With all this being said, I do like what REDBLACKS general manager Marcel Desjardins has done with Henry Burris' receiving corps, I just don't think it's fair to suggest they now have the best group of pass-catches in the East despite not playing a single down or having a proven guy in the lineup. It was obvious very early on in the Ottawa Redblacks' inaugural season that they needed a lot of help at the receiver position and Desjardins did everything he could to take care of that problem. As it stands, how good Ottawa's receiving corps will be remains unknown, but it is a sure-fact that it'll be more productive than last year.
REDBLACKS fans have every reason to be optimistic and excited for the 2015 football season.
Tuesday, February 17, 2015
It's been about 19 years since the last Canadian Quarterback started in the Canadian Football League; undrafted Quarterback/Punter Giulio Caravatta started for the BC Lions in 1996 after being traded back to Lions as he refused to play for the Baltimore Stallions after being selected in their own "expansion draft."
This piece was submitted to me by fellow CFL fanatic Joe Pritchard (You can follow him on twitter by clicking here) and includes his proposal on the next steps the league should take to encourage CFL clubs to sign Canadian Quarterbacks.
"When will we see the next Canadian QB in the CFL?"
It seems like this question is in the back of most CFL fans' minds, and the discussion always seems to follow about what has to happen for the CFL to look at Canadian quarterbacks and give them a chance.
As an International myself, I see the issue more in pragmatic terms than patriotic terms. Right now, there is no incentive for a CFL team to take a chance on a National QB. No, that's not quite right. There's actually less than no incentive for a CFL team to take a chance, because the resulting media attention could be considered a distraction.
What do I mean by this? Let's take a look at the current CFL gameday roster rules.
Teams dress 44 of their 46 players on the active roster, which mean two players are inactive each game. Let's take them out of the discussion for the moment. There are 3 roster spots dedicated to quarterbacks. Let's also remove them from the equation for just a moment, but we'll come back to them. Teams must dress a minimum of 21 National players, and may dress a maximum of 20 International players. I would say the vast majority of the time, those are the exact numbers teams dress for a given game. There are also 4 "Designated Internationals," which may only substitute for other International players. This leaves 16 International players (minus quarterbacks) in a given starting lineup, at the most. With 12 players on offence and 12 on defence, if you take away the quarterback and the other 16 positions filled with International players, that leaves 7 places in the lineup for Nationals. Some teams can put more Nationals on the field from time to time, if they are very deep in Canadian talent, but most teams will start 1 Quarterback, 16 Internationals, and 7 Nationals.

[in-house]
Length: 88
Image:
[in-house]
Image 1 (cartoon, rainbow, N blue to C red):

Let's come back to those three Quarterback roster spots. Let's face it, these days, they are pretty much guaranteed to be Internationals. While only one of the three can be on the field on offence at any given time, that makes, in reality, 17 International starters and 7 Nationals, and 23 Internationals dressed, with only 21 National players dressed.
As you can see, there's very little incentive to try to fill a Quarterback roster spot with a National, as it would not help the ratio. My proposal is simple, and it just might provide enough incentive for a team to take a gamble on a National QB, especially an athletic one that can contribute on special teams or other positions initially.
My proposal is to eliminate the 3 QB roster spots, and replace them with 2 International and 1 National roster spot. This would leave 22 of each type of player on a 44 man roster, or, if a team wanted to, they could have more Nationals than Internationals, but not the other way around. I would also propose the CFL move to 5 Designated Internationals, to keep the current balance of 17 Internationals and 7 Nationals in the starting lineup. That 5th designated import slot could be filled by the 2nd string International QB, assuming the 1st string QB is also an International.